If at any point in your life you have turned to me for advice on how to cope or de-stress, I can guarantee I’ve told you to watch TV. I’m a firm believer that good TV can offer an escape like little else can; it is my favorite, my most steadfast, my most reliable form of self-care. It’s easy, relatively cheap, and involves almost no effort. Over the past four years I’ve been at war with my reproductive system; battling an endometriosis diagnosis and all the surgeries, pain, and trauma that comes with that, TV has come in handy as a comfort and an escape many a time. Sometimes it was the Sopranos, or the Young Pope, or Broadchurch; quality programming. But my mother, also quite wise, often repeats advice her college professor gave her: sometimes you just need to eat junk food and watch TV.

Enter Vanderpump Rules.

Vanderpump Rules started out as just another Bravo reality show. It's about the staff at SUR, Lisa Vanderpump’s West Hollywood bar and restaurant. But unlike the Real Housewives franchise, the cast of Vanderpump Rules don’t live in the lap of luxury—they live in apartments where you couldn’t turn on the microwave and the AC at the same time. They don’t have plastic surgeon husbands; they have trash boyfriends who ignore their texts and cheat on them. No fighting with their friends on private jets or at long dining room tables; they smoke cigarettes in the alley behind SUR and call each other “whores” and accuse their boyfriends of cheating on them.

The show originally centered around Stassi Schroeder, Kristen Doute, and Katie Maloney, who affectionately call themselves the "Witches of WeHo" (West Hollywood), and their boyfriends. While the cast has grown exponentially over the years, Stassi, Kristen, and Katie, remain Vanderpump’s North Star. Their lives are both fascinating and completely unexceptional. Watching Vanderpump Rules feels like going through the looking glass for a front row view of the inner lives of the popular kids. You know, the ones you always thought had it together, had it easier, and were having more fun. We watch these mostly shitty people do everything from wake up in their filthy apartments to go on (obligatory, obviously) group trips. Yet from the banal chaos of it comes something, well, magical.

Magically good

The thing about Vanderpump Rules is virtually everyone I talk to who watches it simply cannot get enough and yet none of us can put on finger on what it is precisely that keeps us coming back. And lest you think the appeal is simply that of any other reality show, or that its popularity hinges on an unrefined TV palette, rest assured—it’s received high praise from the New Yorkerthe New York Times, and celebrity fans include none other than Martin Scorsese himself.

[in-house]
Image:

And so, in honor of Valentine’s Day coming up, and my sincerely held belief that it is a holiday best spent showering yourself with love and care, this is my love letter to Vanderpump Rules. To that superlative—that literally perfect—TV show about nothing and everything that makes anything I’m going through evaporate for as long as I’m watching.

This is a love letter to the time Stassi, Katie, and Kristen led a full on ritual to put a spell on their friend Brittany’s then boyfriend/now fiancé Jax, after he cheated on her. To the time Jax broke up with his then girlfriend Laura-Leigh after picking her up at an AA (!!) meeting and then she left the show and landed a role in a Jennifer Aniston movie (!!!). To Stassi outright slapping Kristen across the face and to that time Stassi got into another fight with Kristen, and her murder themed birthday party with movie makeup designed to look like she had been shot in the head.

To the time Kristen found someone on Instagram who claimed to have slept with her ex while he was with his now girlfriend Ariana and flew! her! out! to! confront! him! at! work! You cannot make this shit up.

To that time I said I had a crush on Peter Madrigal on Twitter (the only truly good person on the show) and then! he! followed! me! back!

I'm a very passionate person

Vanderpump Rules is truly the gift that keeps on giving. Self-care is a complicated and nuanced issue and it means different things to everyone depending on your abilities, your needs, your finances, etc. It sounds silly and trivial to write a whole post as an ode to this absurd and yet magnificent show. But we actually owe it to ourselves, especially in these heinous, dark, and incredibly serious times, to absorb things that are uncomplicated whenever we can; things that don’t ask us to think too hard and instead just entertain us. And so I hope this Valentine’s Day you’ll queue up Vanderpump Rules and welcome the Witches of WeHo into your self-care ritual. Maybe after your #ragebath.

Caroline Reilly is a reproductive justice advocate and a law student based in Boston, MA. You can find her work on Teen VogueBitch MediaRewireScarleteenFrontline (PBS), and Death & the Maiden, and where she writes about abortion, medical misogyny, death phobia and more. Additionally, her writing on abortion access for minors, which gained national recognition, can be found here. Find her on Twitter at @ms_creilly.



The days of the week carry just as much energy and symbolism as the months of the year or the phases of the moon, and that can be helpful for witches who like to time their spells with the vibe of the moment!Inside you'll find practices, associations and allies for each day of the week to help you infuse every day with magic.